Recently, a report from the White House Council of Economic Advisers found that the opioid crisis cost a whopping $504 billion in 2015, and more than 33,000 Americans suffered opioid-related deaths. While many perceive the opioid crisis to stem from the use of street-acquired drugs, much of this problem originates in the health system—and hospitals are looking for ways to stop the spread of the epidemic.
Sending the Patient Home Safely
Dr. Marc Harrison, President and CEO of Intermountain Healthcare, provided commentary to Modern Healthcare, showcasing efforts made by his system to reduce the number of opioids prescribed. He explains that many patients are sent home post-operation with excessive doses of pain medications that exceed what is needed for the recovery period. When extra pills are around the house, they create an opportunity for misuse, either by the patient or another person living in the home.
“Unused medications become a risk for harmful or unhealthy use. Some studies have shown that two-thirds of all opioids misused and abused come from family members or friends—80% of heroin users began by using prescription opioids,” Dr. Harrison wrote.
Intermountain made a goal for itself to reduce the amount of prescribed opioids by 40%, which would total five million pills per year. To support this, the system offers training to its caregivers, with plans to offer guidance to prescribers in nearby communities as well.
Many hospitals are making similar changes. St. Mary’s Hospital, part of the Bon Secours Health System, has also launched an initiative to cut down on opioids prescribed post-operation. Changes include allowing patients to stay hydrated closer to the time of surgery, and encouraging the consumption of more carbohydrates prior to operation. Using a sample of 100 patients, St. Mary’s saw an 80% drop in post-surgery opioid use as a result of these changes. Some patients could even be discharged sooner than usual as a result.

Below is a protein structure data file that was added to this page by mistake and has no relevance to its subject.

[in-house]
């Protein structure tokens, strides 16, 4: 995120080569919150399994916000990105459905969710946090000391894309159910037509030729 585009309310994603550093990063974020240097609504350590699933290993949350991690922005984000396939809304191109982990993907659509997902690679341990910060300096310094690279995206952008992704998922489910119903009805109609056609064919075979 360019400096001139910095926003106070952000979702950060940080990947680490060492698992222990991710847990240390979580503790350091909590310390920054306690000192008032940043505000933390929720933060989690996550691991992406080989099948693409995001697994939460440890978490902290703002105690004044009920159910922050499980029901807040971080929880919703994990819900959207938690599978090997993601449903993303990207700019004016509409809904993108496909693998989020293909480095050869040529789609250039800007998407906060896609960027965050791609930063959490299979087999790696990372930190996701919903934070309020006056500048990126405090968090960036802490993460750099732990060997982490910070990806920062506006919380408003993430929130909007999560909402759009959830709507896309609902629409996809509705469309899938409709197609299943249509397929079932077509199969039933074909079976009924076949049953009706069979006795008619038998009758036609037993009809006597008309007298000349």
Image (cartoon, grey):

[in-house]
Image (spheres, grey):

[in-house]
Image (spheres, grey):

Opioid Abuse Inside the Hospital
Patient misuse of opioids is not the only troubling component of the opioid crisis. Drug diversion by hospital workers is also a growing concern. A recent ECRI report found that 28% of opioid-related harm in the health system could be tied to prescription theft committed by employees. Such behavior not only harms the employee, but also has a trickle-down effect, as patients may not receive their prescriptions, drugs can be contaminated, and deaths can occur.
Many facilities are employing analytics to provide easier and faster detection of suspicious drug administration patterns that work to identify “diverters” before employees or patients are harmed. These programs allow an organization to take appropriate action and prevent the continuance of thefts.
Such analytics tools can sift through data, and provide actionable insights into drug dispensing activity within a health system. The platform also allows facilities to remain compliant with regulations set by the Joint Commission and Drug Enforcement Administration. Some hospitals still search through records manually to detect suspicious activity—which can be cumbersome and may not provide information in real time, making it more difficult to stop potential harm in its tracks.
Calls for action seem to be having an effect on the impact of the opioid crisis and we hope to see this trend continue in years to come. While public awareness is at an all-time high, this issue is so intertwined in many communities that it may take years to fully repair those areas that have been hit the hardest by these addictions. Hospitals and prescribers must work together to create change, and those that are most adaptable and willing to utilize technology will be on the forefront of solving the problem.